Many a time during his reign the debate has been on the lips of many West Ham fans over who should and shouldn’t be played under Sam Allardyce, with a particular focus on the strikers this season.
It is no secret that Allardyce has a preference to playing Carroll and Nolan together and in its prime, the partnership has shown to be a very effective combination. However, with Nolan’s arguably weaker performances this season and the ever-growing frustration amongst some fans, with the style of football at Upton Park, there appears to be more and more demand for the partnership to come to a halt and for Allardyce to play others instead.
There seems to be a bit of debate flying around at the moment over the reliability of statistics in football, a debate which has actually lead to the sacking of Mark Warburton recently at Brentford. It is entirely up to you on how you interpret these results, take them with a pinch of salt or take them as fact that Nolan needs to go, it was just something I wanted to investigate.
My Recent Analysis
For those who haven’t seen it, I recently produced some data infographics investigating the effect of players on the team’s results, measured by their effect on the average number of points per game (PPG). To save you from reading the article again, I’ll summarise for you. It found that when Carroll (-0.14 PPG) and Nolan (-0.29 PPG) play, we average a lower PPG than when they don’t. No where near as bad as the effect Cole (-0.99 PPG) and O’Brien (-1.23 PPG) have, the two worst results that I found, but still a negative effect nonetheless.
I wanted to follow this analysis up with something a little more in-depth and that would take into account relationships between players. Given all the heated arguments I hear about who should and shouldn’t be played with whom at West Ham, I think it’s quite fitting. It also needed to be something that would equally provide a single value for each player for easy comparison.
Friends With Benefits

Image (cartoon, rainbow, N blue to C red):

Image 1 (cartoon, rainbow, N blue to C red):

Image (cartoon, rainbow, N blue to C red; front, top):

The analysis I proceeded to conduct, I call “Friends with Benefits”. Click on the images below to expand.
It compares the average performance rating (*) for all of the games that a player has started, against their average performance rating for the games when they have started alongside a given player. An overall “player effectiveness” is then calculated as the average effect they have on all players in the current squad.
In a similar fashion to my last analysis it showed that Joey O’Brien doesn’t seem to do anybody any favours and in fact seems to trigger a weaker performance out of all of the other defenders, resulting in a -0.251 player effectiveness. Tomkins, Noble and Valencia actually lead the front line in terms of lifting others around them with an effectiveness of +0.062, +0.047 and +0.045 respectively.
Looking at the defenders in a little more detail, it was very interesting to see that James Tomkins appears to have a very positive effect on Andy Carroll’s performance (+0.407); one can only assume that this is related to the accuracy of Tomkins’ long balls forward. Similarly, he has a positive effect on most of the other defenders too, which are detailed in his graphic. His overall “player effectiveness” however isn’t anything huge (+0.062) but it is nonetheless positive.
Collins (-0.062) actually has the reverse effectiveness of James Tomkins, and interestingly has a very negative effect on Carroll’s performance ( -0.380), but a positive impact on Sakho (+0.145) and Valencia (+0.151).
I haven’t produced any other graphics for the remaining defenders as, well, they were a little boring with no stand out results between them, so moving on…